This article is part of a series on recent advances in the science and medicine of longevity.
Just as we age, so do our cells. These old cells, known as “senescent cells”, can begin to pile up over time, releasing all kinds of inflammatory proteins into our body. Low-level inflammation of this type has been associated with a number of age-related diseases: cancer, cardiovascular disease, osteoarthritis, stroke, and the list goes on. Now, researchers at Sichuan University, China, have developed a promising strategy to break down senescent cells by harnessing CAR-T cell technology, usually used for the treatment of cancer.
What are Senescent Cells?
Most of our cells have a natural life cycle. They start out young and energetic, easily completing their respective functions. With time, these same cells become damaged and begin to have difficulty performing as they should. Normally when this happens, the immune system removes the dysfunctional cells so that they can be replaced by a fresh batch.
Sometimes, however, damaged cells resist removal. Even though they stop multiplying, they don’t die off. Instead, they linger and accumulate, releasing chemicals that trigger inflammation. These are the so-called senescent cells. As our immune system weakens with age, it becomes less adept at clearing dysfunctional cells and the number of senescent cells begins to grow. This is a “global” phenomenon, happening throughout the body, including the brain.
The threat of these cells is that the inflammation they cause spreads and begins to damage otherwise healthy cells — much like a wildfire starts with a small spark in a dry forest.
Understanding CAR-T Technology
Our immune system has a very clear function: to locate and eradicate any microbial threats or dysfunctional cells, including cancerous cells and senescent cells. To this end, it comes equipped with an extensive quiver of “tools”, or immune cells. Some of these are generalists, deployed at the early stages of an immune response to challenge and slow the spread of potential invaders. Others, the specialists, kick in later. These come ready with specialized receptors that help them detect “antigens”; once they’ve come across an antigen and learned to recognize it, they hold on to the memory.
T lymphocytes, often abbreviated to T cells, are an example of specialist cells. These come in two lineages, each with its distinct responsibilities. CD4+ “Helper” T cells primarily aid immunity by recruiting other immune cells and by sending them where they are needed most. They act as conductors. CD8+ “Killer” T cells, in contrast, are tasked with the dirty work of directly eliminating microbial and dysfunctional cells.
The idea behind chimeric antigen receptor (CAR)-T cell therapy is to leverage this destructive power of killer T cells to target and eliminate cells that are otherwise overlooked by the immune system. For example, even though cancerous cells are a risk to us, they are often “too close to home”; our killer T cells simply do not recognize them as a threat. To remedy this, researchers pioneered a novel approach. The first step of this process involves isolating and purifying the necessary killer T cells. This is generally done by collecting a blood sample. Next, the killer T cells are engineered to carry a tailor-made antigen receptor adjusted to recognize the intended target. Finally, the engineered cells are multiplied and then injected back into the patient. Once in the body, the CAR-T cells can locate and destroy their previously “invisible” enemy.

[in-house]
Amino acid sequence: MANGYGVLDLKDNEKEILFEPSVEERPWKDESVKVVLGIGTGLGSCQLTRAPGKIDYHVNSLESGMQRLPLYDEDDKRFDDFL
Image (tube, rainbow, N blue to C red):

In theory, the search-and-destroy function of CAR-T cells could also be used for the elimination of other dysfunctional cells that fly under the radar, like senescent cells.
CAR-T Cells Destroy Senescent Cells
To determine whether CAR-T technology could be used to eliminate senescent cells, the group of scientists engineered CAR-T cells that home in on Natural Killer Group 2 Member D (NKG2D) ligands, which, they discovered, are found in high numbers on senescent cells.
In vitro tests, performed on human senescent cells grown in petri dishes, showed that the newly developed NKG2D-CAR-T cells successfully managed to diminish the human senescent cells. This held true for all of the senescent cells tested, regardless of the cause of senescence — whether it be cancer-induced, induced by stress from replication, or induced by DNA damage.
Similar results were seen during in vivo experiments, performed on aged and irradiated mice, both of which have high levels of senescent cells. Treatment of these mice with the NKG2D-CAR-T cells significantly reduced age-associated diseases while simultaneously improving physical performance. Similarly, nonhuman primates treated with the CAR-T cells also displayed a noteworthy decrease in senescent cells without any side effects.
Although CAR-T technology has quickly risen to prominence in the field of cancer treatment, the full scope of its applications is only just beginning to be explored. The underlying mechanisms, making otherwise invisible cells visible to our immune system, could help treat a whole range of conditions and illnesses. In this study, researchers showed that CAR-T cells may also be adapted to eliminate senescent cells in mouse and primate models. Targeted reduction of senescent cells looks to be a promising new strategy to combat aging and age-related diseases.